Staunton, September 29 – History has become a substitute for ideology in Putin’s Russia, Ivan Kurilla says; and as a result, the powers that be are imposing at an ever more rapid rate the same kind of intellectual straightjacket their Soviet predecessors did in the name of maintaining ideological purity.
As a result, it is the field of history and especially on those aspects of it like World War II which resonate most strongly with Putin that “the conflict between the needs of propaganda and free research are most obvious, the professor at St. Petersburg’s European University continues (russian.eurasianet.org/россия-какую-историю-напишут-следователи).
Moves against academic freedom in historical research have been a commonplace under Putin and they have intensified over the last two years. On the one hand, Putin by his constitutional amendment against historical falsification means that those with independent views are subject to criminal charges.
And on the other, because World War II is the “founding myth” of the Putin regime and because 2020 is the 75th anniversary of the end of that conflict, Putin’s interest in imposing a single view on all aspects of that war and its outcome became especially important to the regime and to its enforcers.
“After the adoption of the amendments, limitations on historical research are constitutionally mandated,” Kurilla suggests. “And in fact, control over historical interpretations now has landed in the hands of the state and above all in its punitive organs,” making the threat to historical research even greater.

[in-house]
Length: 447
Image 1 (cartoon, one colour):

It soon thereafter became clear that the Kremlin has given the Investigations Committee the responsibility to enforce their provisions, including on “historical falsification. And three weeks ago, the committee’s head, Aleksandr Bastrykin, created a special department to do just that (windowoneurasia2.blogspot.com/2020/09/russian-investigations-committee.html).
The result of these developments, the St. Petersburg scholar says, is that the risks which historians working on any issue “important for the state’s historical quasi-ideology” have gone up and nowhere more than on the many issues around World War II.
There is a great risk that the window of remarkable historical investigations on key issues that began with perestroika is coming to an end. Those of us who began studying Russia when it was still the Soviet Union can remember the excitement we felt when hitherto prohibited subjects began to be discussed or old myths dispelled.
I still remember the frisson I felt when I read the first article from a Moscow publication discussing the Ryutin Affair, something the Soviet system had not wanted confronted honestly because of the implications of this act of resistance against Stalin. After that article appeared, the old myths about that action could no longer be sustained.
Putin has not yet established the total control he wants, and important articles about critical issues are still appearing, although less frequently than earlier. Indeed, this week, Novaya gazeta published one on the 1930 Promparty trial, a trial important because there never was such an organization (novayagazeta.ru/articles/2020/09/28/87276-potrebuem-spisok-vrazhdebnyh-imen).
One of my greatest regrets is that so few people in Russia and the West have attended to such articles about the lacunae of the Soviet period and that there is no centralized listing of them. Tragically, Putin’s moves against the freedom of historical research mean that there are likely to be fewer of them – but also that each one is that much more precious and worthy of attention.